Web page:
Why The Anime Industry Lacks Unions And How That Could Change: A Veteran Producer Speaks
One of the bleaker themes running through our coverage is the poor conditions in which anime artists work. Pay is notoriously low and hours are long. Hopes for better things through the intervention of global companies like Netflix have yet to really be fulfilled.
Central to this discourse is the lack of unions in the industry. The topic is addressed in a fascinating conversation between veteran producer Masuo Ueda and character designer Terumi Nishii. Drawing on their experiences of the anime industry, the pair have discussed what effects unionization might have and why it is slow in coming.
The chat can be watched in two parts to Nishii’s Youtube channel, with English translation by Renato Rivera Rusca:
Ueda is a veteran of the industry: he has worked at Sunrise and Aniplex, serving as president and CEO of the latter’s subsidiary studio A-1 Pictures. He and Nishii, whose credits include Jojo’s Bizarre Adventure: Diamond Is Unbreakable, suggest six reasons why anime artists remain underpaid and unorganized:
Studios tend to work with small budgets they can’t control.
Ueda points out that only a few high-profile studios, like Ghibli, raise their own budgets, which they can do because they have strong brands. Others depend on orders from production committees or major producers like Netflix. If they don’t successfully bid for these commissions, they have no work. This helps squeeze overall budgets.
There’s anxiety that unions would cost studios work.
This is a common argument against unionization everywhere: someone, possibly abroad, will always be willing to work for less than the negotiated minimum, and so will get the job. “There’s always someone worried about being out of work, so they accept the lower offer,” says Ueda. This is true of studios as well as artists, which is why bidding for orders leads to such low budgets.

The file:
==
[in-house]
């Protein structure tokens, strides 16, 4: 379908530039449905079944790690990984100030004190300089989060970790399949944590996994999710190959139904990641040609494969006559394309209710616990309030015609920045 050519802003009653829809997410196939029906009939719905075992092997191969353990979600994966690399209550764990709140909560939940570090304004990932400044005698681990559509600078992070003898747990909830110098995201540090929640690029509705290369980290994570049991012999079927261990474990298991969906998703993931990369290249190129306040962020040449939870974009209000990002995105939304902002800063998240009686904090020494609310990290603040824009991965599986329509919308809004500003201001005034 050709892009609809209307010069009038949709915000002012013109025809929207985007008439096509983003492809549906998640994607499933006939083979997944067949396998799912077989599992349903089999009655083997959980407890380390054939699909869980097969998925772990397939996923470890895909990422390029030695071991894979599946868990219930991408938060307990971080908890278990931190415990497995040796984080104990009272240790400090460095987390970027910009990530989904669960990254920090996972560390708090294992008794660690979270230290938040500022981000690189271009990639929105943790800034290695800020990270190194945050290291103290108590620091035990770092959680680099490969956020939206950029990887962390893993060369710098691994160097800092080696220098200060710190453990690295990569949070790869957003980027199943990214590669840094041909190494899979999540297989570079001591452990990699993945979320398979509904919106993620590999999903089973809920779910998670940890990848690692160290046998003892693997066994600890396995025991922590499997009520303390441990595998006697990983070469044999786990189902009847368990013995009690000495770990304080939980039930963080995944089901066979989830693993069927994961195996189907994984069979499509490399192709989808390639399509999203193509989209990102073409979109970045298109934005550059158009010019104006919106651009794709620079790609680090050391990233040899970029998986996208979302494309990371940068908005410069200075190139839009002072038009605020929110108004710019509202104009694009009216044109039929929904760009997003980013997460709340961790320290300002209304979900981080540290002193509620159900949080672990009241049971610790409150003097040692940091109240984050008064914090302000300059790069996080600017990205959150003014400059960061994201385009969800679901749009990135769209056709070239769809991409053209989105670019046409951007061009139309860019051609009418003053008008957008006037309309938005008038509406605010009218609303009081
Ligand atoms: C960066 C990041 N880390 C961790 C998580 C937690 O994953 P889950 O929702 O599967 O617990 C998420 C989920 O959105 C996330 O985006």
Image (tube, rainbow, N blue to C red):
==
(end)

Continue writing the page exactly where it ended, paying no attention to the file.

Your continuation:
Most artists are freelance.
Many artists were on staff in the postwar decades, when major studio Toei Doga did have a union. Nowadays, the financial climate is worse and freelancers are prevalent, which makes it harder for them to organize.
Studios are now run by businessmen.
“In the old days, the people who started anime studios had a philosophy,” says Ueda, citing artists like Osamu Tezuka and Tatuso Yoshida. But now “salarymen” are taking over, often because studios are now owned by big corporations. Animators’ welfare is less of a priority for them.
Artists are apathetic.
When labor group Janica was founded in 2007, Nishii recalls that colleagues “had a lukewarm reaction”: few believed unionization would work. Janica failed to secure widespread changes in the industry, which has only added to the disillusion. “When they look at Janica, [artists] feel that [unionizing] is especially bothersome,” Nishii adds.
The industry’s small size makes things harder.
“If you take a look around, you can recognize most of the people,” says Ueda. “So if your goal is to form a union, it’s likely to be very tough to realize.” Though Ueda doesn’t say this explicitly, there may be a fear that moves to unionize will antagonize employers, who are unlikely to forget.
Ueda notes that anime voice actors and screenwriters do have union representation, and believes the rest of the industry can get there too. He has one key recommendation:
The unionization effort should start with senior artists.
The likes of animation directors and character designers, as well as renowned animators, are crucial to successful productions, and should use their bargaining power. “I believe that the first step would be to build up that sort of leverage,” says Ueda. With time, representation could expand to others. He adds that fans can do their bit by “supporting” unionization.
Image at top: “The Little Norse Prince” (1968), produced by Toei Doga. Its director Isao Takahata was a prominent member of the union.